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Backgrounding Tasks in Heroku With Delayed Job

Long running web requests are bad. They create resource contention among other waiting incoming requests; what’s more, with HTTP servers like Unicorn (which is rapidly becoming the de facto HTTP server for Rails apps running on Heroku), long running requests are summarily terminated after some threshold (for example, 30 seconds) leaving users with a nasty timeout error (and, of course, other users complaining that it takes forever for your site to do anything). Luckily, with frameworks like Delayed Job, backgrounding long running tasks couldn’t be any easier.

To leverage Delayed Job in Heroku, you’ll need for follow a few steps. In my case, since I’m using Mongoid, I’m going to use an alternate Active Record Delayed Job tie-in dubbed delayed_job_mongoid. The reason for this Active Record integration will become obvious once I show you how to actually force a long running task to be asynchronous. Regardless if you are using Mongoid or not, the Active Record integration is identical.

First and foremost, you’ll need to add delayed_job_mongoid to your Gemfile (or if you aren’t using Mongoid, add delayed_job_active_record). Delayed Job stores jobs in your database; consequently, after you run bundle install, proceed to update your underlying MongoDB instance with a new index by running:

Adding an index and new collection to MongoDB
$> script/rails runner 'Delayed::Backend::Mongoid::Job.create_indexes'

Obviously, if you’re using a normal RDMBS, your command will be slightly different (i.e. rake db:migrate).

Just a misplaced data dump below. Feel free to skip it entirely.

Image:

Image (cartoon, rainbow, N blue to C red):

After that step is complete, you’ll need to generate a delayed_job script via:

Generating the Delayed Job script
$> rails generate delayed_job

This script allows to you execute the Delayed Job framework with a number of options. As it turns out, you don’t really need this script as Delayed Job hooks into Rake as well; it is via the Rake integration that Heroku will work with Delayed Job.

Now that you’ve set up 80% of the infrastructure required to support Delayed Job, you next need to background some long running task. This is the fun part and like everything else so far, it couldn’t be any easier.

Delayed Job hooks directly into Active Record and thus, you can background some unit of work on a model object by inserting a delay call. For example, in my case, I had a Group model object that when updated under certain circumstances required that all associated users also be updated (wouldn’t it be nice if MongoDB supported triggers?). As you can imagine, updating hundreds of users is rather time intensive.

Thus, the user update logic was thrown into a special method (dubbed aysnc_update_users) and was then invoked like so:

Adding in a delay backgrounds the async_update_users call

This call essentially serializes the logic here into a collection called delayed_backend_mongoid_jobs which can then be invoked asynchronously by another process. And therein lies your last few steps.

Heroku has the notion of worker dynos, which are background processors – think of worker dynos as engines capable of doing what ever you want them to do. In the case of Delayed Job, you want those worker dynos to invoke jobs residing in the delayed_backend_mongoid_jobs collection (which is conceptually a queue).

To configure a worker dyno, you’ll need to do 2 things. First, provision one like so:

Using Heroku CLI to fire up a worker dyno
$> heroku ps:scale worker=1

You’ll then need to update your Procfile to include the command the worker dyno should invoke:

Updated Procfile command
worker:  bundle exec rake jobs:work

As you can see, the worker dyno in this case is invoking a Rake task (jobs:work) which is asynchronously polling for new jobs in your conceptual queue and invoking them as they are found.

Finally, deploy to Heroku and keep an eye on the queue for jobs – you can isolate the dyno workers logs via

Updated Procfile command
$> heroku logs -p worker -t

Was that easy or what?